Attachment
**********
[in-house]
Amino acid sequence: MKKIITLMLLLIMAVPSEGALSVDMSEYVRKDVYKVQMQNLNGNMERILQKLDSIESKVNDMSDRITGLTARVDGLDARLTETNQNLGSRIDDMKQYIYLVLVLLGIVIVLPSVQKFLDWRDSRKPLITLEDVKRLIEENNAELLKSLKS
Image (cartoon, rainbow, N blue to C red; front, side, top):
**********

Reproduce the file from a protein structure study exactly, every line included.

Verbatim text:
[in-house]
Amino acid sequence: MKKIITLMLLLIMAVPSEGALSVDMSEYVRKDVYKVQMQNLNGNMERILQKLDSIESKVNDMSDRITGLTARVDGLDARLTETNQNLGSRIDDMKQYIYLVLVLLGIVIVLPSVQKFLDWRDSRKPLITLEDVKRLIEENNAELLKSLKS
Image (cartoon, rainbow, N blue to C red; front, side, top):